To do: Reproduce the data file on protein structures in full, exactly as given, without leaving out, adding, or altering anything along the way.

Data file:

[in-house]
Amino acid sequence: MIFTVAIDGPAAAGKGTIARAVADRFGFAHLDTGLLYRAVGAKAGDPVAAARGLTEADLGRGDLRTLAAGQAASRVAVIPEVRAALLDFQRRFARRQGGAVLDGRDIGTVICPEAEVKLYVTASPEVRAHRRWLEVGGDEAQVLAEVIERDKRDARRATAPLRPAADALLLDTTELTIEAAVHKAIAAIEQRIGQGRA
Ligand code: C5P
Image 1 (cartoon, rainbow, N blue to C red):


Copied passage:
[in-house]
Amino acid sequence: MIFTVAIDGPAAAGKGTIARAVADRFGFAHLDTGLLYRAVGAKAGDPVAAARGLTEADLGRGDLRTLAAGQAASRVAVIPEVRAALLDFQRRFARRQGGAVLDGRDIGTVICPEAEVKLYVTASPEVRAHRRWLEVGGDEAQVLAEVIERDKRDARRATAPLRPAADALLLDTTELTIEAAVHKAIAAIEQRIGQGRA
Ligand code: C5P
Image 1 (cartoon, rainbow, N blue to C red):